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What It Was Like Selling Ecstasy in the 90s Rave Scene

In the heyday of raving, you could walk into a party with a bunch of pills and walk out with £6,000.

Anyone who's been to one of the corporate festivals typical of today's EDM industry making millions off of barely legal millennials might find it hard to imagine how these descended from the grubby warehouse raves of the 90s. Before pop culture started borrowing the neon-laced sentiments of raving and predating regular news of kids being hospitalized at big fests due to overdoses, there was a thriving underground rave subculture running through the veins of numerous major cities in North America. This movement was undeniably fueled by several substances, but most notably, pressed pills of ecstasy.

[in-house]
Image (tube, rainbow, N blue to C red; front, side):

As I've been working on modern-day ecstasy stories, I've caught myself daydreaming about what it was like to be part of the scene back in the heyday of raving, and I ended up speaking with two sources who worked together as part of a major ecstasy ring in the United States during the 90s. They were there to witness the shift in rave culture as it began to evolve at the turn of the century.

Both sources were eventually caught for their involvement, served time, have not taken part in any related activity since, and have agreed to speak to VICE on the basis of anonymity. If you dropped ecstasy in the 90s in the United States, there's a chance you took a pill that came from the very ring they were part of.

VICE: How did you guys get into this in the first place?